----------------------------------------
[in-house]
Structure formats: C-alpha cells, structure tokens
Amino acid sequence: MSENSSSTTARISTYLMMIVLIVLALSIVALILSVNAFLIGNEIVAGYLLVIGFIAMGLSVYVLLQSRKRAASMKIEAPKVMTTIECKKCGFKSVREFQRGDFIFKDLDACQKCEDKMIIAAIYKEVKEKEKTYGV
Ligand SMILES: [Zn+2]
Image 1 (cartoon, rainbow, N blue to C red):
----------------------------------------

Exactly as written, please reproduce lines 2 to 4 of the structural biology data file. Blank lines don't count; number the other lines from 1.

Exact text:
Structure formats: C-alpha cells, structure tokens
Amino acid sequence: MSENSSSTTARISTYLMMIVLIVLALSIVALILSVNAFLIGNEIVAGYLLVIGFIAMGLSVYVLLQSRKRAASMKIEAPKVMTTIECKKCGFKSVREFQRGDFIFKDLDACQKCEDKMIIAAIYKEVKEKEKTYGV
Ligand SMILES: [Zn+2]